Teresa Lozano Long Institute of Latin American Studies
Teresa Lozano Long Institute of Latin American Studies

CANCELLED: "Beyond NAFTA?: Forging a U.S.-Mexico 'Knowledge Region' through Collaboration in Higher Education"

Tue, March 4, 2014 | 2nd Floor Conference Room, Benson Latin American Collection, SRH Unit 1

4:00 PM - 5:30 PM


Sergio Alcocer, Undersecretary for North America, Mexican Foreign Ministry
Kevin O'Reilly, Director, Office of Mexican Affairs, U.S. Department of State

On May 2, 2013, President Barack Obama and President Enrique Peña Nieto announced the United States-Mexico Bilateral Forum on Higher Education, Innovation, and Research. In essence, this forum pledges a collaborative investment in higher education by both countries. The ultimate aim is to provide a growing 21st century workforce with better economic prospects and to boost economic prosperity.

The forum emphasizes mutual interest and exchange. It seeks to expand shared opportunity on all fronts. This includes broadening access to higher education (with a principal interest in the STEM fields) for previously underserved populations. In Mexico especially, there is vast potential in this area: currently only 30% of the university age population attends an institution of higher education. The recent boom in Internet use in Mexico coupled with improvements in online educational opportunities (including President Nieto’s plan for a national virtual university) could make widespread participation in higher education possible. On another front, both countries want to increase joint research opportunities and facilitate the flow of new information—most importantly that which relates to education and learning. The U.S. and Mexico also intend to promote student exchange programs. In the 2010-2011 academic year, 13,713 Mexican students traveled to the U.S. to study, while 4,167 U.S. students traveled to Mexico to study. Both presidents want to see these numbers lifted by addressing obstacles such as transfer credits, tuition rates, and security concerns for students. In particular, this initiative meets with Obama’s “100,000 Strong in the Americas” plan to increase student exchange throughout the hemisphere.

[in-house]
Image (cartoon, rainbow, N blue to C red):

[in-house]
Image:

This ambitious initiative, in the words of Undersecretary Sergio Alcocer, seeks to move beyond a mere “trade relationship,” to build a “competitive region of knowledge in the new global economy.”

What does this mean and what role can UT play?

Join us for this timely dialogue on U.S.-Mexico relations, trade, and collaboration in higher education with Undersecretary Alcocer and Director O’Reilly.

For more information, contact Paloma Diaz.

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  • Teresa Lozano Long Institute of Latin American Studies

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